“That way people wouldn’t feel like they would have to pay for something they really needed,” he said.
In addition to the increased access, Citi’s Zimmerman said the remote work environment may also make it easier for many to seek out mental health services. In an office environment, people might be reluctant to leave their workspace for an hour in the middle of the day. At home, it’s easier to carve out the time for a therapy appointment and they don’t have to explain to anybody where they’re going.
Supporting employees’ mental health needs can also be less obvious than promoting virtual access to therapists. Sometimes it might look like offering a hand with mundane chores to help reduce somebody’s mental workload.
For example, the $185 billion-asset Fifth Third Bancorp in Cincinnati has offered a maternity concierge program since 2017 to help new and expectant mothers juggle their new responsibilities.
Lately, it has been handling routine grocery shopping trips and other assorted errands parents once would have done on their way home from the office, said Bob Shaffer, chief human resources officer.
“There’s a lot of pent-up frustration in not being able to leave the house or go anywhere, changing your buying behaviors — you can’t go see things — [and] being concerned if you do go to the grocery store or post office,” he said.
Human resources executives say they’ve seen a lot of interest in resources — articles, webinars or online support groups — aimed at helping employees adjust to the current norm.
The $172.8 billion-asset HSBC USA has been gathering that type of information together into a centralized online portal that employees can access at their own leisure, said Chief Human Resources Officer Maureen Gillan-Myer. While the focus at the beginning of the pandemic was on physical safety and transitioning to a mostly remote working environment, that has shifted to the side effects of long-term stress.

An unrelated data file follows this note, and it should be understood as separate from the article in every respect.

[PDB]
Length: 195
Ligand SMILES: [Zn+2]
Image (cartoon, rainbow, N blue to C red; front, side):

“Reality started to set in that this isn’t going away in a couple weeks, and we knew it was going to take an emotional toll on our people,” Gillan-Myer said.
To combat isolation, banks have also gotten creative about fostering a sense of community from afar. Yoga, guided meditation and Zoom “happy hours” are common.
Employees of the $1 billion-asset Beneficial State Bank in Oakland, Calif., have also hosted virtual art shows and “frankly adorable” pet parties, interim CEO Randell Leach said.
“We use the internet and all those resources to celebrate birthdays and babies more than we did before,” he said.
Executives also highlighted the importance of regular communication. It’s not enough to simply offer expanded telehealth access or paid time off — people should be encouraged to actually use those things.
“You have to take care of yourself so you can be there to serve others. There’s always another hour you can work, there’s always another [Paycheck Protection Program] loan you can do,” Leach said. “At the end of whatever the surge is, you still need to be standing, so you need to have some reserves.”